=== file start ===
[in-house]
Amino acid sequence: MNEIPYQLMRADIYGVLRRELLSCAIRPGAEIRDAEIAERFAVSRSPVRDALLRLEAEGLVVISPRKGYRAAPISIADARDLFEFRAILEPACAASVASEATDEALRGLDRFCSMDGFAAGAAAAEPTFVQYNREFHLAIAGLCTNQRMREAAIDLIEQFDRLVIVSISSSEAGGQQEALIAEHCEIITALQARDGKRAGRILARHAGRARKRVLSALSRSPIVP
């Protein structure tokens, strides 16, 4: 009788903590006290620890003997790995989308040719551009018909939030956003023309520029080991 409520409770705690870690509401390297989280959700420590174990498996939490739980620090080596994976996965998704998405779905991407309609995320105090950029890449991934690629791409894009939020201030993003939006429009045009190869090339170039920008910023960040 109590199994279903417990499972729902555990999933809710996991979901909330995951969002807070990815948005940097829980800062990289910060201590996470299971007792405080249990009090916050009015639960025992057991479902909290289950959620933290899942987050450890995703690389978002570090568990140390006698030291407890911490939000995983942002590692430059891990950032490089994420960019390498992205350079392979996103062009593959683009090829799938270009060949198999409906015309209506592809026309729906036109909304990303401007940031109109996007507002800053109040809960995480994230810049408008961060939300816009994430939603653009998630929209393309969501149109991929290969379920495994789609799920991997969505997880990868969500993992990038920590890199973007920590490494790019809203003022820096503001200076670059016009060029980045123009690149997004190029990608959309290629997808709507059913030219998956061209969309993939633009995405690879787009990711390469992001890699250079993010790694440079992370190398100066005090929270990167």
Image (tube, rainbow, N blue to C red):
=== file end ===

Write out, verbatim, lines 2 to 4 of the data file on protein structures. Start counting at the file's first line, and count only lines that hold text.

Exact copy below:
Amino acid sequence: MNEIPYQLMRADIYGVLRRELLSCAIRPGAEIRDAEIAERFAVSRSPVRDALLRLEAEGLVVISPRKGYRAAPISIADARDLFEFRAILEPACAASVASEATDEALRGLDRFCSMDGFAAGAAAAEPTFVQYNREFHLAIAGLCTNQRMREAAIDLIEQFDRLVIVSISSSEAGGQQEALIAEHCEIITALQARDGKRAGRILARHAGRARKRVLSALSRSPIVP
């Protein structure tokens, strides 16, 4: 009788903590006290620890003997790995989308040719551009018909939030956003023309520029080991 409520409770705690870690509401390297989280959700420590174990498996939490739980620090080596994976996965998704998405779905991407309609995320105090950029890449991934690629791409894009939020201030993003939006429009045009190869090339170039920008910023960040 109590199994279903417990499972729902555990999933809710996991979901909330995951969002807070990815948005940097829980800062990289910060201590996470299971007792405080249990009090916050009015639960025992057991479902909290289950959620933290899942987050450890995703690389978002570090568990140390006698030291407890911490939000995983942002590692430059891990950032490089994420960019390498992205350079392979996103062009593959683009090829799938270009060949198999409906015309209506592809026309729906036109909304990303401007940031109109996007507002800053109040809960995480994230810049408008961060939300816009994430939603653009998630929209393309969501149109991929290969379920495994789609799920991997969505997880990868969500993992990038920590890199973007920590490494790019809203003022820096503001200076670059016009060029980045123009690149997004190029990608959309290629997808709507059913030219998956061209969309993939633009995405690879787009990711390469992001890699250079993010790694440079992370190398100066005090929270990167």
Image (tube, rainbow, N blue to C red):